Pioneer Quest, a year in the Real West, episode 5

Episode 5.
September, it is getting cold…

Looks like the crops will be ruined, annoying and sad for this show, but a matter of life and death in the 1870s.
Not everyone had 500 dollars for emergencies back then.

Back to the Hutterites to work on their very modern chicken factory.
Still, the singing makes it a little less horrific to see what happens in those places.

First, and last time for the younger couple to meet their parents during this project.
I love Frank’s dad Jim, he is clearly having the time of his life and so jealous of his son’s adventure.
And he is one amazing knife maker.

Oh dear, those bottles don’t look very 1870s.

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The parents leave, this means the participants will be on their own for the next 5 months of winter… Canadian winter!

Interesting to learn that clay doesn’t isolate enough, it cracks, it falls out.
They need moss.
Perhaps this is a little different with horizontal logs?
Or maybe they should have put straw into the clay/mud mix, like our prehistoric ancestors did.

Time to go hunting, having to follow modern hunting laws, they’ll have to use a bow.
This I do not understand.
I reckon that using a bow makes killing the animal quickly more difficult.

Those cabins look wonderful in the evenings, with oil lamps.
Oh and poison ivy is hysterical.

Having Max visit, the elderly man who pretty much lived like the settlers when he was a kid, is great.
He remembers things, he has priceless experience and information.

I love that the young woman realises what most participants of these kinds of show realise; we modern people are spoiled, we have it (too) easy and it is so important that we learn and never forget what our ancestors went through.

Talking hanky panky again, I’m not sure I’ve heard it mentioned so much in any of the other shows!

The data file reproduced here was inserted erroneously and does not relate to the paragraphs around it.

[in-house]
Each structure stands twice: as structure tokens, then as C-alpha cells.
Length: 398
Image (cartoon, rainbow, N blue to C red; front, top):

The moss in one of the huts keeps falling out.
I reckon the perfect solution would be a combination of moss, straw and clay.
Either way, closing holes in such a hut is something they’ll probably be doing all winter and something I bet the original pioneers did as well.

They contestants are realising they are losing a lot of weight, which is not surprising.
Hard labour, almost no sitting down and generally healthier food does that to you.
The time travel diet, so far it still beats all of them.

Nice to hear them talk about the concessions done for the show.
The stove is indeed not authentic, as the original Victorian stove wouldn’t have been safe.
I’m not sure about that, but TV Health & Safety people are massive wimps and oh so scared of everything, so I wouldn’t be surprised if Victorian stoves were relatively safe, but not safe enough for modern laws.
Either way, the old ones are still being used by many and I’ve spotted a fire/gas detector and a fire extinguisher in their cabin.
Those are concessions I have no trouble with whatsoever, they make sense and are absolutely not like the mistakes you sometimes spot that are the result of people being lazy or unimaginative.

It also explains their stupid hunting outfits, bow, arrows, etc.
There is a lot of hunting in those parts and without a big orange hat, you actually risk being shot by another hunter.
Mind you, not sure why they’re wearing a camouflage body warmer…

Time goes on and now they’re allowed to start using rifles, nice authentic muzzle-loaders.
Which is great for the show but not so great for the animal.
After all, if you don’t kill it instantly, it takes extra time for you to load so you can give it the coup de grâce.
Although not historically accurate, I hope they had a professional hunter with a modern rifle nearby to help the animal in case it got wounded in stead of killed.

Winter has truly arrived.
It makes everything look so beautiful.
But the wheels pick up the snow on the kart, making riding a lot more difficult.
You’d think that nailing a simple board an inch over the wheel should scoop the snow off.

The announcer warns us, this is going to be the coldest winter in over a century… as a winter person, this makes me very happy.
I haven’t had a proper winter in years.
But it is not going to make things easier for our participants… or the production company.
Supplying the participants with things they needed didn’t work out.
No winter boots…

But perhaps the most difficult will be the long winter evenings with very little to do.

We’ll see in the next episode.



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